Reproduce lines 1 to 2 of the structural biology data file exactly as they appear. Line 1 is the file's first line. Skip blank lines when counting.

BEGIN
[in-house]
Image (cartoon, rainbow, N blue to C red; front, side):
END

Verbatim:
[in-house]
Image (cartoon, rainbow, N blue to C red; front, side):